Patterning of Drosophila Sense Organs via Global Activation and Repression of the Proneural Gene achaete
thesisposted on 2015-02-22, 00:00 authored by Ji Inn Lee
During vertebrate and invertebrate development, organs and tissues must be precisely patterned, and periodic proneural gene expression is an early and essential event in this process. The Drosophila melanogaster sensory bristles are a good model system to study the molecular mechanisms involved in controlling precise proneural gene expression. There are two classes of sensory bristles: early specified (mechanosensory macrochaetae and chemosensory microchaetae) and late specified (mechanosensory microchaetae) bristles. Previous studies suggest that patterning of early-specified bristles requires induction of proneural gene expression at specific locations in the limb and body wall primordia. Proneural gene expression in primordia of early-specified bristles is controlled by discrete modular cis-regulatory elements (CRE). Our studies, however, suggest that a different mechanism is used to pattern late specified bristles: expression of the proneural gene, achaete (ac), in primordia of late specified bristles is controlled by a single CRE. On the surface of the Drosophila leg, small mechanosensory microchaetae (mC) are organized in a series of longitudinal rows along the leg circumference. In the prepupal leg, ac is expressed in longitudinal stripes, which comprise the leg microchaete primordia. We have found that Hairy (H) and Delta/Notch (Dl/N) signaling function concertedly and non-redundantly to define periodic ac expression. This process involves broad and late activation of ac expression and refinement in response to a prepattern of repression, which is established by Hairy and Delta. These findings have allowed us to formulate a general model for generation of periodic bristle patterns in the adult leg, and this model is supported by the analysis of a CRE, called the ac-mC-CRE, that specifically directs ac expression in the leg and notal mC proneural fields. This CRE contains an activation element, which directs broad expression of ac along the circumference of prepupal legs, and a repression element, which is Hairy and Dl/N responsive. To gain insight into the molecular mechanisms that mediate repression by Hairy and Notch, we undertook a detailed analysis of the ac-mC-CRE. Our findings provide novel insight into repression of proneural ac expression by bHLH repressor, Hairy, and Notch, which acts through the bHLH Enhancer of split E(spl) repressors. We find that Hairy and E(spl) can mediate repression of ac via common sequences in the ac promoter and ac-mC-CRE. This finding has interesting implications regarding the evolution of morphological novelty in mC patterning.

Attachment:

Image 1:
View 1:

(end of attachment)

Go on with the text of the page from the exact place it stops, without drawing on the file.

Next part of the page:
Degree GrantorUniversity of Illinois at Chicago
Committee MemberOkkema, Peter Dubreuil, Ronald Katzen, Alisa Orenic, Teresa